Changing the Fate of Family Business
October 12, 2018Download
As Seen In O, The Oprah Magazine, Entrepreneur & Forbes
Dealing with emotional issues, BEFORE emotions are the issue, is the key to success for serving family businesses.
Family businesses are unique, and they are facing a tremendous challenge right now. Within the next five years, a significant number of businesses in the United States will transition ownership, and this puts increased pressure on the family and the business.
“The country has never experienced a change of this magnitude,” says Lisë Stewart, the Principal-in-Charge of EisnerAmper’s Center for Family Business Excellence in Iselin, New Jersey. “Business owners need help to make this transition in a way that meets the needs of the owner, the family and the business; otherwise, too many businesses will simply liquidate.”
One family-owned business at a time, Stewart and her team are working to change that. They’re sitting down with owners to develop plans for life after relinquishing control, working with families to resolve any related problems, and grooming the next generation of leaders to flourish.
The field for this expertise is small, but still Stewart and EisnerAmper are standouts with a team that is not only business savvy but has complementary backgrounds in psychology and human resources. They take a family-centric approach, working with clients to best understand the family dynamics, the family system, and what individual family members need from the business.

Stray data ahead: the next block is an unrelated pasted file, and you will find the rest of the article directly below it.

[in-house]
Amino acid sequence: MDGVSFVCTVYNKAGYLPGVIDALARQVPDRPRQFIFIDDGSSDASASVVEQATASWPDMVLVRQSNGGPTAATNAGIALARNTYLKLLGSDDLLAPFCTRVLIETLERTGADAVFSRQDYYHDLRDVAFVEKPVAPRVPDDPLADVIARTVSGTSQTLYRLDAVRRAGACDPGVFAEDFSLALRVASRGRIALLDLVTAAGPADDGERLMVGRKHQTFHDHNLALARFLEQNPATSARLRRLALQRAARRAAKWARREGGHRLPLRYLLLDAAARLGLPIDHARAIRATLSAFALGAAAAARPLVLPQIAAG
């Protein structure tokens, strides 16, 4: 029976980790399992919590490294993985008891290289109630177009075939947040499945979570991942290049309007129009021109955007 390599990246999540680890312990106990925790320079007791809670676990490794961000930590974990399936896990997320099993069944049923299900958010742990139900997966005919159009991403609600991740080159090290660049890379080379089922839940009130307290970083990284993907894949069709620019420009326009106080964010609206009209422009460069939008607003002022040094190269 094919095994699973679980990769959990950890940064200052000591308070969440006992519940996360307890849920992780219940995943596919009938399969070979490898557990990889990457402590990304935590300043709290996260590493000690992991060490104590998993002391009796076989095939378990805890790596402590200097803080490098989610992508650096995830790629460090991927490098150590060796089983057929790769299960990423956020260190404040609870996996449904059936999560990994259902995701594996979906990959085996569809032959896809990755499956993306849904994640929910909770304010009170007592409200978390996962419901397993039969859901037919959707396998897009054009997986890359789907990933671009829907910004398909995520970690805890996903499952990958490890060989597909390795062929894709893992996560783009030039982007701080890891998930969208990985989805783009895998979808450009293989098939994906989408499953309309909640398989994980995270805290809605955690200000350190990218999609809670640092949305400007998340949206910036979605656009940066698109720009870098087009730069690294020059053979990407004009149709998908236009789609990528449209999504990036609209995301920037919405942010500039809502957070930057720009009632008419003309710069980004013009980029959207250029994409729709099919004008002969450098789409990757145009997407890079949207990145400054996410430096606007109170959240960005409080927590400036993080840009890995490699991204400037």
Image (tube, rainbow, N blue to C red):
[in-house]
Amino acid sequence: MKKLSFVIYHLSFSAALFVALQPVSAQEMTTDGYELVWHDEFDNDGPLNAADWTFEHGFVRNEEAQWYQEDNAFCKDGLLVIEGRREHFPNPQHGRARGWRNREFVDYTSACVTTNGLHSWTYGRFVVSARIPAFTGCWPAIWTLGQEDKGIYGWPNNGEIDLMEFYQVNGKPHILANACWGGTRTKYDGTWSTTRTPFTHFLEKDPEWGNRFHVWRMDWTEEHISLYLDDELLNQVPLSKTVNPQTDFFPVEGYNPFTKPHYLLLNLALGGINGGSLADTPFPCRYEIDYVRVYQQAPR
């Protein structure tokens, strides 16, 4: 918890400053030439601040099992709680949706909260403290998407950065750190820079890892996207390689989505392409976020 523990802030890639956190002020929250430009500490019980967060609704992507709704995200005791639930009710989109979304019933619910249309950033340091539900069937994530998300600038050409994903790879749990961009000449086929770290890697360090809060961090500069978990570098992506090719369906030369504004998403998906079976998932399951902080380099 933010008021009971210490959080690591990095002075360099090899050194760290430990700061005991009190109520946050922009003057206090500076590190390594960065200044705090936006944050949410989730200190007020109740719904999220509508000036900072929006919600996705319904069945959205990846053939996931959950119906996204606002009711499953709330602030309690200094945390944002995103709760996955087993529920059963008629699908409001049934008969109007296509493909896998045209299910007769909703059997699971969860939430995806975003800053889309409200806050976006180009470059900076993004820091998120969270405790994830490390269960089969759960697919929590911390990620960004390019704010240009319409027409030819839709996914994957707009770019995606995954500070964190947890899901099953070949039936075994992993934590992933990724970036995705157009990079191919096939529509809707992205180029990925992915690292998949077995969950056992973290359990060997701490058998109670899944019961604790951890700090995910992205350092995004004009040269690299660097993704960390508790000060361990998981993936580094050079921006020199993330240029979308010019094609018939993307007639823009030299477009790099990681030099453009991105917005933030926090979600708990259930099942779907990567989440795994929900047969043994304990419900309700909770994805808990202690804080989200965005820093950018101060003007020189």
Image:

“Much of what we’re having to deal with is conflict and miscommunication; there are challenges within the family and they’ve brought them into the business,” Stewart says. “That’s common. That’s human nature.”
From there, it’s about “transition with dignity.”
“We have all of these baby boomers reaching the age where they’re trying to figure out what to do with their business,” says Stewart. “Do they sell? Do they close it down and walk away? What happens if they want to work until they die but don’t want to be a burden on the company or family? How do they navigate that? We help navigate some of the most difficult decisions of their lives.”
Stewart is a nationally recognized expert in doing just this and she’s done so countless times in the last 30 years. Her background is in organizational psychology and business. She was living in New Zealand when she started working with poorly organized volunteer groups. She developed a process to help volunteer-based agencies train people and function more efficiently. As the organizations’ processes improved, the local business communities took notice and asked for similar help.
When Stewart moved to the United States, she continued working with family-owned and closely held businesses, and started an organization that ultimately grew into a national consulting firm. She has since brought that expertise to EisnerAmper, joining the firm in the spring of 2017 and building upon her years of success to start the Center for Family Business Excellence. “EisnerAmper is a really forward looking firm and I am delighted to be a part of a large team that really focusses on what is best for the client.”